Related Links

Recommended Links

Give the Composers Timeline Poster

Site News

What's New for
Winter 2018/2019?

Site Search

Follow us on
Facebook    Twitter


In association with
Amazon UKAmazon GermanyAmazon CanadaAmazon FranceAmazon Japan

CD Universe



Sheet Music Plus Featured Sale

CD Review

Aaron Copland

  • Suite "Billy the Kid"
  • Statements for Orchestra
London Symphony Orchestra/Aaron Copland
Everest SDBR-3015
Find it at Amazon

Aaron Copland made only a handful of truly excellent recordings, but each one is rightly regarded as a classic. When he was bad, he was pretty bad. His Columbia recordings with the London Symphony show very little except how he was appreciated across the pond, but his Everest efforts are an entirely different story. When Everest first came to CD, the Third Symphony and Billy the Kid were together; this issue – as with all issues from Countdown Media – replicates the original LP. This means the excellent recording of the Symphony is alone on SDBR-3018 (which I also reviewed), and this all-Copland program returns to circulation in the same manner.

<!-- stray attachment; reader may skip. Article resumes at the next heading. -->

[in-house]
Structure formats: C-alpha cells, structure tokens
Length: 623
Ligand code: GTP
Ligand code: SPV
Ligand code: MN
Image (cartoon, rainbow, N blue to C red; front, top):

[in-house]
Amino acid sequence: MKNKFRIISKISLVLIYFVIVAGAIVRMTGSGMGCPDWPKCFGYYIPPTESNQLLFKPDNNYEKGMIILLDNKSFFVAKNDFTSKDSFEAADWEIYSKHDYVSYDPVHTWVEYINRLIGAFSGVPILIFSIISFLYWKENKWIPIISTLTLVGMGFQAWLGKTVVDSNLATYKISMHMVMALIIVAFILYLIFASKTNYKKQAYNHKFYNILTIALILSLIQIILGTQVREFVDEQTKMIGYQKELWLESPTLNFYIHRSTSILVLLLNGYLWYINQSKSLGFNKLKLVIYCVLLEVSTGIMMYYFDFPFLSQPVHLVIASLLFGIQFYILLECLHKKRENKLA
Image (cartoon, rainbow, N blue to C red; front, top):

This Billy the Kid is notable for being far more engaging than many of the composer's efforts. The parts that need to swing, do. Meanwhile, softer sections have the kind of luminosity that have made his scores so utterly endearing. Along with the radiant album on RCA that Copland made with the Boston Symphony, this stands as the best evidence of the man himself leading his ballet music. Like that RCA issue, there is little of the stiffness that hinders most of his recordings. As a direct result, the London Symphony plays with a kind of brash confidence that hints at the unusually inspired work on the podium. While lacking the kind of all out fire of Bernstein's recordings in New York, this is still remarkable considering the source, and essential for any Copland collection.

The Statements for Orchestra could not be any more different. The ringing brass sonorities and folksy undertones are typical of Copland, but the edgy and rugged modernism is not as well-known. This doesn't number among the composer's more popular efforts, but I disagree strongly with's Paul Cook, who contends that "Copland was never the experimenter". There are numerous examples of this discordant sound in many other works, and frankly there is more to the man than his evergreen ballets. The London Symphony sounds less polished here, but the music would have been very unfamiliar. Copland shows the same confidence and flexibility as in Billy the Kid, and the result is convincing, if not promising to become a fan-favorite. As with all of the titles in this series, both an iTunes download or Amazon CD will work here. This is a major statement by one of America's greats.

Copyright © 2014, Brian Wigman